3. To make the gravy, cut the thigh off the turkey leg and slash into it slightly. Throw the leg and thigh into a pot along with the carrot, leek and onion. Stir in the flour, add a good pinch of salt and pepper and 2 litres of boiling water. Add a heaped tablespoon of cranberry jam, the balsamic vinegar and remaining rosemary sprig. Bring back to the boil, then reduce to a simmer for around 2 hours, or until thick. Strain it through a sieve and reheat before serving.
  4. When the mushroom pan is dry, add a knob of butter and toss to coat. Tip the mushrooms into the food processor and whiz until you get a good mixture of smooth and chunky. Leave to cool. Once the turkey breast and stuffing have cooled, you can get on with assembling the wellington.
  5. Dust a clean surface with flour, then roll out each packet of puff pastry to the size of a shoe box (one will be the base, one the lid – roll the lid ever so slightly bigger). Line a large roasting tray with greaseproof paper, dust with flour, then add the smaller piece of pastry. Spread half of the mushroom stuffing onto the middle of the base to cover an area the same size as your turkey breast. Remove the cocktail sticks, then place the turkey breast on top and spread the remaining stuffing over the top packing it all in and smoothing it out so that the whole breast is covered. Sprinkle with the crispy bacon and rosemary, then brush the edges of the pastry with beaten egg. Lay the second sheet of pastry over the top, gently mold it round the shape of the breast, pushing all the air out and seal together. Trim the edges to around 4cm, then pull, twist, tuck and pinch in the pastry (like in the picture).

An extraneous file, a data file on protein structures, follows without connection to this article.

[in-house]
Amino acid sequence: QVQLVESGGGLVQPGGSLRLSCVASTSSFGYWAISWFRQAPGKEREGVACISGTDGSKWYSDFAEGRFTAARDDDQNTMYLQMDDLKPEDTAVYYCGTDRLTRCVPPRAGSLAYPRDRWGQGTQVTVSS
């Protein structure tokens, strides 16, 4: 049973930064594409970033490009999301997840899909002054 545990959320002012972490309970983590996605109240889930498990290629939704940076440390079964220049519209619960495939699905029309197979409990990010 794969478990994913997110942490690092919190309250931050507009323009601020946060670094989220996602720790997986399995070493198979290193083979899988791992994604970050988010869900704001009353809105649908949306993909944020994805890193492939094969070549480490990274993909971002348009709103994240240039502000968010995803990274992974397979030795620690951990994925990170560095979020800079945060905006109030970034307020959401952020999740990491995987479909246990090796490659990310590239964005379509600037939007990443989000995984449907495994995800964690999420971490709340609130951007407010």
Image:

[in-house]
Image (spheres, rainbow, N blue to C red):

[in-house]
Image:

6. Brush the whole thing with beaten egg then all the hard work’s done. Leave it uncovered in the fridge overnight until you’re ready to cook. On Christmas day, cook at 180°/350°F/gas 4 for 50 to 60 minutes, or until risen, puffy and beautifully golden and the turkey is piping hot throughout. Remove from the oven and leave to cool for around 10 minutes before carving. Serve carved into 2.5cm with the gravy and all the usual. Christmas in a mouthful.